One particularly talked about instance is the striking similarity of the Star Wars Overture to Erich Korngold’s music for the 1942 film King’s Row. But it is Williams who resurrected interest in the Romantic sweeping orchestral score, and it is this style of music that still forms the backbone for almost all science-fiction/fantasy film.
While I happen to love the sweeping orchestral scores of film franchises like Star Wars, The Lord of the Rings, Harry Potter, etc. there is an inherent problem with relying on music trapped in a 19th-century view of the world. Despite a sumptuous musical richness, at its heart lies a dangerous binary reduction of society, gender, and class. For example, Luke Skywalker is accompanied by a heroic fanfare, while Princess Leia (his sister, and an equally important character in the rebellion) is underscored by a gentle, lyrical theme.
Arguably, there is some hint of heroic fanfare, but by and large Leia’s music has a much softer character than her brother’s brash overture. Likewise, the “scum and villainy” of the city of Mos Eisley are musically separated from the rest of the “civilized” world. Here, instead of the sophisticated background music that accompanies the rest of the film, the viewer is plunged into a world of live “jazz” music.
Today, this kind of music seems benign, but in the late 19th and early 20th centuries, this was the underground music of “dangerous social pariahs,” and people with “loose sexual morals.”
As fun as it may seem, the use of this music only helps to reinforce these ideas and prolong already outdated modes of thinking.
A quick glance at the official trailer for The Force Awakens shows that while much has changed, some vestiges of the 19th-century refuse to be swept away.
Musically, we’ve moved away from a complete reliance on Romantic idioms. In the years since the original Star Wars, the world has changed. Superheroes are now darker, and hope is a much more precious commodity. The evolution is nicely exemplified in the scores for the Harry Potter films: by Deathly Hallows, the lush symphonic language of Williams’ Philosopher Stone has been almost completely replaced by Alexandre Desplat’s dark atmospheric dissonance.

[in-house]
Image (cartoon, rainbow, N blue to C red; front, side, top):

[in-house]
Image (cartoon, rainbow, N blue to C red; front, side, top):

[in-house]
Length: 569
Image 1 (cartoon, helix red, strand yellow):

You can almost discern the sound of Williams’ Overture theme, but it’s been twisted and distorted. Romantic innocence has been subsumed by stark desolation, but it hasn’t been replaced; Desplat’s haunting opening eventually fades into a Williamsesque orchestral accompaniment. The same progression shows up in the score for the trailer.
It begins with slow haunting dyads on a solo piano, and moves inexorably to more traditional orchestral scoring. The result is both chilling and exhilarating, but despite this musical progress, 19th-century ideology still lurks in the shadows.
Like Jimmy Fallon and the rest of Star Wars fandom, I’m excited about the new film. But more so, I’m interested to see how Williams, who was chosen to craft the seventh film’s score, builds on his music from the previous films. It’s been 10 years since the last instalment of the disappointing prequels, and I’d like to think fan expectations have shifted regarding the unabashed use of dated Romantic idioms. Williams’s most recent work all lends itself to this kind of scoring; The Adventues of Tintin, War Horse, Lincoln, and The Book Thief are all films that call out for lush orchestral scoring. And make no mistake, there is a place for soaring violins and sweeping melodies in The Force Awakens, but in my opinion this needs to be tempered with more modern idioms. Just how will John Williams interpret the sonic landscape of Star Wars for the next generation of viewers? I can’t wait to find out!